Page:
Museums and exhibits are designed to be viewed, therefore we, as photographers, take great care in honoring the designers’ vision. We work diligently to not let our viewpoint or technique substantively alter the designers’ intent. This is accomplished through the judicious use of lighting, only employing supplemental light to enhance or better define, rather than change or overpower that which is part of the design. Images are also composed from the viewpoint of how a visitor would experience the space, from pedestrian level, showing the space as if they were there, experiencing it in person.
Interactivity is often emphasized when photographing museums and exhibits. As these spaces are designed with activity and interplay in mind, we seek to display these spaces as they would be experienced. Often, seeing people utilizing the interactive tools within the spaces help the viewer better grasp how visitors encounter the space.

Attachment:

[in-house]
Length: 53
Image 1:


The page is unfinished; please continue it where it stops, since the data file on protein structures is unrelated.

Museums and exhibits also come with their own unique characteristics. The photographer must control glass reflections, color balance within a wide variety of display lighting, and work around crowds. Anonymity of visitors can be achieved through using a slower shutter speed to blur patrons’ defining features, or by deftly applying that blur in post-production. The human element gives energy and understanding to the designed environs. We see ourselves as an extension of the designer, helping to translate their art into digital form, while highlighting the craft and inspiration that went into the creation of the space.